Ian S C30/03/2019 10:57:02
7468 forum posts
230 photos

Using a 4" x 6" horizontal/vertical bandsaw, we cut all the steel for 60 of these plus other jobs, the machine is for feeding out large square hay bails. One motor died when the saw was left unattended while the boss was having his tea(evening meal), the blade jammed, and all the magic smoke escaped, and things got a bit hot and bothered(not only the motor).

Ian S C


not done it yet31/03/2019 15:17:52
4508 forum posts
16 photos

Many smaller hobby bandsaws use commutator motors - speed dependant on voltage. Lower power at lower voltage, of course, but there are plenty of voltage controllers around these days.

oldvelo31/03/2019 20:33:37
193 forum posts
48 photos

Hi Choo Choo

Please take a look at my albums for Bandsaw 1 and Bandsaw 2. One is built from scratch. Two is a conversion from that sad little pile of bits. You will need to reduce the band speed to less than 70 metres a minute. depending on the metal to be cut. Poly Vee belts will give far superior performance over Vee Belts for speed reduction and slow speed running. J section Poly Vee pulley grooves 40 deg tool 2.34 mm pitch. Hope this is of use


Vic31/03/2019 22:47:57
2496 forum posts
14 photos

I’ve seen lots of threads on forums over the years about reducing the speed of a wood cutting bandsaw to enable it to cut metal. The only successful conversion I saw however was made by copying the multi pulley system used in the JET bandsaws I linked to earlier.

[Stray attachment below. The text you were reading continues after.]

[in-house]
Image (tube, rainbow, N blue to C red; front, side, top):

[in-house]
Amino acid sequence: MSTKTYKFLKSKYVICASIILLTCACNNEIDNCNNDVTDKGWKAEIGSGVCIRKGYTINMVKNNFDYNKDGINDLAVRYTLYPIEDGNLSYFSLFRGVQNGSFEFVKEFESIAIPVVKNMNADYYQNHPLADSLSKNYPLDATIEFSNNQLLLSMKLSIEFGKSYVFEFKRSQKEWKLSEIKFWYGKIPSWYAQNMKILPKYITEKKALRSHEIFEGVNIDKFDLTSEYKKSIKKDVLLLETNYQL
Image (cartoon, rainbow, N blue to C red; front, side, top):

If you look at the diagram on page 8 here:


You can see the drive setup is considerably different to a standard wood cutting bandsaw.

The drive speeds available on the JET are 3300 SFPM for wood down to 39 to 278 SFPM for steel etc.

Robert Turner 131/03/2019 23:33:37
24 forum posts
15 photos

20190331_151540_resized.jpgI have an old warco 6" metal bandsaw. It's not the 'standard' one that everyone sells, but it has a swivel feature for cutting at angles. It also came with a small table for use when the machine is vertical. I lost the original table in a house move ages ago, so I made a new one. I think it might be possible to modify the more usual non-swivelling type. I have more pictures in my album.20190331_151205_resized.jpg

I remember having to machine the end of the casting to make sure the table was square to the blade once the table was on. Apart from that it was fairly easy. Apologies for the really crappy workshop.

Hope this helps